During the engagement phase, it’s important that people should be able to interact with your business. That means being active on social media, responding to comments and messages, and ensuring that your website offers the information they need. Make it easy for them to find out more. You won’t win them all, but if you’re open with information, you’re more likely to win over the people who are the best fit for your products. 

During evaluation, prospects may need a personal touch to get them through to the purchase. They already think you have something they want. It’s up to you to show them that a purchase will be worth their while. These are red-hot prospects, so you might decide to send them an email or, better yet, make a call to see how they’re doing and whether they have any questions. 

For the purchase phase, it’s all about great service. You deliver on your promises and are there to help if there are any questions or problems. 

You now have a satisfied customer, and as your supporter, you’d like to see them making referrals. You can encourage them to do so by offering a benefit, for example, a discount on their next purchase. You can stay in touch through newsletters that offer helpful information. And you’re still there with great after-sales support when they need it.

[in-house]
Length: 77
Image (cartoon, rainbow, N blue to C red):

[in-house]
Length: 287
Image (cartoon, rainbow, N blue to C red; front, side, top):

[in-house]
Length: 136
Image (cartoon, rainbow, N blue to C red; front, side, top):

As your customers move into the loyalty phase, your activities are focussed on affirmation. You shouldn’t have to go all the way back to square one again. But you need to know that you’re still on the top of their list for their next purchase or recommendation to a friend. Your nurturing activities remain within customer service, support and information sharing. Loyal customers are also good prospects for new products you may have to offer, and you can do so cheaply thanks to lifecycle email marketing that sends the right messages to the right people at any point in their customer lifecycle journey. 

Develop Your Customer Lifecycle Marketing Strategy

The whole point of strategy is that it’s a deliberate, predetermined path to a goal. But strategies that worked last year may not work today. Your challenge is to formulate a strategy, evaluate it on an ongoing basis, and make adjustments as needed. It can seem like a massive task, but your analytics can do much of the work for you.